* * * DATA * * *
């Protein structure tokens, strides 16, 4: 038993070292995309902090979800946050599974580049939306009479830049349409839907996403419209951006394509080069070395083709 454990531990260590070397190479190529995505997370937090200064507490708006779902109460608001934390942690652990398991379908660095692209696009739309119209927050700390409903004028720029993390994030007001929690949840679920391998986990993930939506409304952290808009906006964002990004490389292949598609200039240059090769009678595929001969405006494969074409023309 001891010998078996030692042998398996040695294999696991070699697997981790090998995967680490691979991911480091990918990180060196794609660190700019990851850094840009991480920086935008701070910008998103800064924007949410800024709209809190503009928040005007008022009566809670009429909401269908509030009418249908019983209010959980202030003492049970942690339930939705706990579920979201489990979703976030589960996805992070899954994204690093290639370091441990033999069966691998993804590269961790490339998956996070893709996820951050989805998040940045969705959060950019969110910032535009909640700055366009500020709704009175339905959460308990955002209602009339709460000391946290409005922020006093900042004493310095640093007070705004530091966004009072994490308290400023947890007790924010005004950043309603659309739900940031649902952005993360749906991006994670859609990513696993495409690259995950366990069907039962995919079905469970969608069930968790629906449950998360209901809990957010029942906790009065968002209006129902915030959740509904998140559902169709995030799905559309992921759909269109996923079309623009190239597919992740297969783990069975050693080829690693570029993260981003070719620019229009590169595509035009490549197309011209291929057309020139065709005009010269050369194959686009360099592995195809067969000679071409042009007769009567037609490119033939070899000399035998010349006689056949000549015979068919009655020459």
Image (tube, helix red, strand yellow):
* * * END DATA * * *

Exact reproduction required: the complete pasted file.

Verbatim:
């Protein structure tokens, strides 16, 4: 038993070292995309902090979800946050599974580049939306009479830049349409839907996403419209951006394509080069070395083709 454990531990260590070397190479190529995505997370937090200064507490708006779902109460608001934390942690652990398991379908660095692209696009739309119209927050700390409903004028720029993390994030007001929690949840679920391998986990993930939506409304952290808009906006964002990004490389292949598609200039240059090769009678595929001969405006494969074409023309 001891010998078996030692042998398996040695294999696991070699697997981790090998995967680490691979991911480091990918990180060196794609660190700019990851850094840009991480920086935008701070910008998103800064924007949410800024709209809190503009928040005007008022009566809670009429909401269908509030009418249908019983209010959980202030003492049970942690339930939705706990579920979201489990979703976030589960996805992070899954994204690093290639370091441990033999069966691998993804590269961790490339998956996070893709996820951050989805998040940045969705959060950019969110910032535009909640700055366009500020709704009175339905959460308990955002209602009339709460000391946290409005922020006093900042004493310095640093007070705004530091966004009072994490308290400023947890007790924010005004950043309603659309739900940031649902952005993360749906991006994670859609990513696993495409690259995950366990069907039962995919079905469970969608069930968790629906449950998360209901809990957010029942906790009065968002209006129902915030959740509904998140559902169709995030799905559309992921759909269109996923079309623009190239597919992740297969783990069975050693080829690693570029993260981003070719620019229009590169595509035009490549197309011209291929057309020139065709005009010269050369194959686009360099592995195809067969000679071409042009007769009567037609490119033939070899000399035998010349006689056949000549015979068919009655020459």
Image (tube, helix red, strand yellow):